Looping over unordered dictionary - why the same recall order?


#1

I know dictionaries are unordered, so I wasn't surprised when the items were ordered in a different way than in the dictionary. However, no matter how many times I run the code, it always returns the same sequence (apple cherry berry), which I find odd.
I've also changed the order of the items in the dictionary (which shouldn't make a difference of course, because the items are unordered) and got the exact same response (apple cherry berry).
Why doesn't an unordered dictionary result in a different sequence each time it is called?

My current code:

d = {'b': 'berry', 'c': 'cherry', 'a': 'apple'}

for key in d:
    # Your code here!
    print key,
    print d[key]

Output:

a apple
c cherry
b berry
None

#2

Hi, @batraaf,

A Python dictionary is a dict type, which is an example of a hash table. As part of the storage and retrieval process, the key of an item is translated into what is called a hash code. This process is very efficient and fast. Each unique hash code has a specific slot in memory designated for it, where items with that particular hash code are stored. When a program looks for an item in a dictionary, the hash code of the key is looked up, and the appropriate slot is searched for the item. It is possible for more than one key to translate to the same hash code. But typically, only a few items, at most, wind up in each slot, so if a given key is in the dictionary, it is found very quickly.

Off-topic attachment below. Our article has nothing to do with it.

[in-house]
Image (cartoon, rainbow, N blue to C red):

The most efficient algorithms for maintaining a hash table are ones that do not attempt to maintain keys in alphabetical or numerical order. In fact, such an order is not practical, since a single dictionary could contain keys of a mixture of different types.

When your program asks to print the entire dictionary, the Python interpreter simply goes through all the slots to output whatever is there, so the items might come out in the same order each time. So, while the dictionary makes no guarantee regarding the ordering of items, it also does not guarantee that the order will vary.

Priority is placed on efficiency of storage and retrieval; order is less important. If you want to control the order of retrieval of items in a dictionary, you can save the keys in a list, sort the list in some order, and use the list to get the keys in order to retrieve the items in the dictionary.

Here's an example:

d = {'e': 'elderberry', 'b': 'berry', 'd': 'dewberry', 'c': 'cherry', 'a': 'apple'}
keys = d.keys()
keys.sort()

for key in keys:
    # Your code here!
    print key,
    print d[key]

Output:

a apple
b berry
c cherry
d dewberry
e elderberry

#3

Thank you, this was very insightful for me!